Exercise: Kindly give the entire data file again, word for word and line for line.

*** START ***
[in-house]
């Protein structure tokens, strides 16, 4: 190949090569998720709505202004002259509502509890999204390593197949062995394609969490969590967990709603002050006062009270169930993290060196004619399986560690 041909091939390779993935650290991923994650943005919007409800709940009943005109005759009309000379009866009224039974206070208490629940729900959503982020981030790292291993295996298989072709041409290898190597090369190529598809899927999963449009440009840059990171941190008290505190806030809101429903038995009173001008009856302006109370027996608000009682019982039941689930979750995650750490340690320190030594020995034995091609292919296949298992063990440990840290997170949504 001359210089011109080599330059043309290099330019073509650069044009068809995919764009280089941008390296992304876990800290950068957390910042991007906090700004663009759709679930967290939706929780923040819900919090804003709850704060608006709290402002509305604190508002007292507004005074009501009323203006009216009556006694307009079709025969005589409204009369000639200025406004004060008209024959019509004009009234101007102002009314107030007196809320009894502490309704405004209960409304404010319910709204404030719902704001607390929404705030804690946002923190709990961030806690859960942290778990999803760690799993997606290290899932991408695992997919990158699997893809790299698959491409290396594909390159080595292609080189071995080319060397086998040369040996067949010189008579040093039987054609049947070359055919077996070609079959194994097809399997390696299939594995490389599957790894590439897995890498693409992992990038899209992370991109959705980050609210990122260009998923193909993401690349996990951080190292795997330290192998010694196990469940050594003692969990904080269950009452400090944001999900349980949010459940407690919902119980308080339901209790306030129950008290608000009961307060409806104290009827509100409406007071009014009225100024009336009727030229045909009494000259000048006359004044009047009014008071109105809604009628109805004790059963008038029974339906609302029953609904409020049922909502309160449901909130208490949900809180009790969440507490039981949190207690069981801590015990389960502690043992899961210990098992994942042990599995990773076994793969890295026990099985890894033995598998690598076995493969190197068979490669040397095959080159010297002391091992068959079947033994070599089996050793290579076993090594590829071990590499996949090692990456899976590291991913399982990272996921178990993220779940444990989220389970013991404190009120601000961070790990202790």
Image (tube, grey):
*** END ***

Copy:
[in-house]
């Protein structure tokens, strides 16, 4: 190949090569998720709505202004002259509502509890999204390593197949062995394609969490969590967990709603002050006062009270169930993290060196004619399986560690 041909091939390779993935650290991923994650943005919007409800709940009943005109005759009309000379009866009224039974206070208490629940729900959503982020981030790292291993295996298989072709041409290898190597090369190529598809899927999963449009440009840059990171941190008290505190806030809101429903038995009173001008009856302006109370027996608000009682019982039941689930979750995650750490340690320190030594020995034995091609292919296949298992063990440990840290997170949504 001359210089011109080599330059043309290099330019073509650069044009068809995919764009280089941008390296992304876990800290950068957390910042991007906090700004663009759709679930967290939706929780923040819900919090804003709850704060608006709290402002509305604190508002007292507004005074009501009323203006009216009556006694307009079709025969005589409204009369000639200025406004004060008209024959019509004009009234101007102002009314107030007196809320009894502490309704405004209960409304404010319910709204404030719902704001607390929404705030804690946002923190709990961030806690859960942290778990999803760690799993997606290290899932991408695992997919990158699997893809790299698959491409290396594909390159080595292609080189071995080319060397086998040369040996067949010189008579040093039987054609049947070359055919077996070609079959194994097809399997390696299939594995490389599957790894590439897995890498693409992992990038899209992370991109959705980050609210990122260009998923193909993401690349996990951080190292795997330290192998010694196990469940050594003692969990904080269950009452400090944001999900349980949010459940407690919902119980308080339901209790306030129950008290608000009961307060409806104290009827509100409406007071009014009225100024009336009727030229045909009494000259000048006359004044009047009014008071109105809604009628109805004790059963008038029974339906609302029953609904409020049922909502309160449901909130208490949900809180009790969440507490039981949190207690069981801590015990389960502690043992899961210990098992994942042990599995990773076994793969890295026990099985890894033995598998690598076995493969190197068979490669040397095959080159010297002391091992068959079947033994070599089996050793290579076993090594590829071990590499996949090692990456899976590291991913399982990272996921178990993220779940444990989220389970013991404190009120601000961070790990202790």
Image (tube, grey):